In 2015, Carson Palmer finished first in ANY/A, as did his Arizona Cardinals. It was a magnificent passing season for Palmer, who was 36 years old last season. In the offseason, I noted that it was a big outlier, but there were a couple of ways you could interpret the data:
If you’re a Palmer fan, the results here can both show how much of an outlier Palmer is, but also might be considered inspiring. Peyton Manning was really good at age 36 and then historic at age 37; Gannon and Steve Young had great years at 36, and then were even better at age 37. The same goes (with a slightly lower baseline) for John Elway, Kurt Warner, and Tom Brady. Supporting cast is undoubtedly a big part of this, and Palmer seems to be playing with one of the best ones. The wildcard in the room is how much his meltdown in the NFC Championship Game impacts him mentally.
The general rule of thumb, I think, for an older quarterback is to project them to be OK until they aren’t. What does that mean? Well, I think of Adam Harstad’s mortality tables. Just because a quarterback is old doesn’t mean he’s going to have a 5 or 10% decline: guys like Manning, Gannon, Young, Elway, Warner, Brady, and Brees are examples of that. But once that decline hits, it’s often severe and permanent. For now, though, Palmer is still one of the rare quarterbacks who had his best season at age 36.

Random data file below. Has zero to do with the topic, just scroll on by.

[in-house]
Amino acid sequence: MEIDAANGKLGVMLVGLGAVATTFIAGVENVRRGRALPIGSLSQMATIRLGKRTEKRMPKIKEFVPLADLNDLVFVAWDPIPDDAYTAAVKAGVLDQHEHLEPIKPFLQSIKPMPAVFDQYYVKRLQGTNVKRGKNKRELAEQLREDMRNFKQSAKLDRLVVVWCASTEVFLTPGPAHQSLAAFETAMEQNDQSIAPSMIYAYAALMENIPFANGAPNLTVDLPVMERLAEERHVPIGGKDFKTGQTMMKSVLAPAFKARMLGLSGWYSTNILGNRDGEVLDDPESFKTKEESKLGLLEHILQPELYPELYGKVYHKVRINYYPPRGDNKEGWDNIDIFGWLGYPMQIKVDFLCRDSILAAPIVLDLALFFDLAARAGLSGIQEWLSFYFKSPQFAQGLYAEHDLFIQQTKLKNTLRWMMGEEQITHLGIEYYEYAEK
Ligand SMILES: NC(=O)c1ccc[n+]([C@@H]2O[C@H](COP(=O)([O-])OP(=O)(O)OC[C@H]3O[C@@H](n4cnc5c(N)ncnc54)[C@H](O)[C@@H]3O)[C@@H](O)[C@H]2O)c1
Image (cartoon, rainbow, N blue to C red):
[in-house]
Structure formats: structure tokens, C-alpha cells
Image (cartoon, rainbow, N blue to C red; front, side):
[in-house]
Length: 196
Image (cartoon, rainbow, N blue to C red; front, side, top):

Well, we have our answer. While teams like the Texans, Panters, and Jets have suffered notable declines in the passing game, all three teams are dwarfed by the decline in pass efficiency endured by the Cardinals this season:
|Rk||Team||2015 ANY/A||2015 Rk||2016 ANY/A||2016 Rk||Diff|
|5||New England Patriots||7.48||4||8.56||2||1.07|
|9||Green Bay Packers||6.07||20||6.80||9||0.73|
|14||Kansas City Chiefs||6.44||13||6.52||12||0.08|
|15||New Orleans Saints||7.25||5||7.24||6||-0.01|
|16||Tampa Bay Buccaneers||6.44||12||6.40||13||-0.04|
|19||San Diego Chargers||6.51||11||6.40||14||-0.12|
|20||San Francisco 49ers||5.35||28||5.10||27||-0.25|
|22||St. Louis Rams||5.15||29||4.57||31||-0.59|
|23||New York Giants||6.82||8||6.09||21||-0.73|
|31||New York Jets||6.38||14||4.80||29||-1.59|
The split is particularly severe if you manipulate the end points a little bit. Take a look at his first 15 games last season, compared to his last 15 games: that’s week 17 of last year, his two playoff games, and his 12 starts (he missed one game this season due to injury) this year:
Carson Palmer's dropoff is unbelievable. Here are his splits in his last 30 games. Went from MVP to terrible. pic.twitter.com/je6uaKzRMY
— Football Perspective (@fbgchase) December 12, 2016
Those are brutal declines across the board: not just completion percentage, TD rate, sack rate, and INT rate, which are obvious from the chart above, but also yards per completion. He averaged 13.8 yards per completion in his first 15 games last season, but is down to 11.4 since. The only way such a decline is acceptable is if he was much more efficient and conservative, but his interception rate, sack rate, and completion percentage have gone in the tank, too.
This isn’t exactly a #breakingnews post, but the decline Palmer has suffered this year has been remarkable.